4. Don't stress over text editors. Text editors are not one of the things you need to worry about, since any decent one will get the job done. All you need to do is write your code and save it with the correct extension. Some text editors like Notepad++ come with syntax highlighting and can facilitate the experience of writing a page, but when it comes to the development, any of the options will do equally well if you are not addicted to the bells and whistles of a particular one.
6. Comments are an absolute must. It may seem unnecessary and tiresome in the beginning but when websites are developed by collaborating with others, it can be a nightmare if they don't understand what a particular <div> element does. Similarly, eliminating an error can be simplified if the comment points to a particular part that does a particular thing. Otherwise, you may have to sit on a reading mission through a thousand lines of code and even then you might not spot the problem. Be mindful however, not to write more comment than code. Precision and concision are key.
7. Variable, function, class and ID names are important. They help in understanding the code much in the same way as comments do. For, example, if your block of code does a multiplication of two numbers and you name it Division, you will never be able to correctly edit and update the code in the desired way. All of the collaborating developers will thank you if you use an appropriate name for parts like these.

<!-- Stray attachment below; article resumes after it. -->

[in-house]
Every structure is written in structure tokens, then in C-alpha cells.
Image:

8. Structure the page correctly with proper tags. A <div> can work the same as a <span> or a <p> tag but it is important to understand which one is to be used where. These are just examples. There are many others like the <link> tag and the <a> tag. Once you know the difference you'll know which one should be used at a particular part of the page.
9. Don't do away with every attribute/value pair. They may seem to be of no importance, but somewhere, they do something., It is important to know what it does. In case you don't, it is good practice to follow the norm and include it. For example, the alt attribute in an <img> tag is important, because the image may fail to load, yet it will tell the user what the image was about. There are various such examples; it is best practice to understand what an attribute/value pair does as we come across more and more of them. The redundant ones can be skipped and a regular update is needed to know which ones have fallen in that category, one such example would be the language attribute in the <script> tag, which has been replaced by the type attribute.
10. Don't try to do the styling with HTML code, simply because that is what CSS is meant to do. HTML5 is a markup language. CSS is the one specific to styling. For example, while you can bold or italicize your words using the <b> and <i> tags, it is a good practice to do so with CSS, namely the font-weight and font-style properties available in CSS. This is applicable to almost any styling that you can do with HTML5 code. The logic is that external style sheets are easier to configure and target specific parts of the webpage. Don't look for unicorns where you should be looking for rabbits.
09 Jan 2015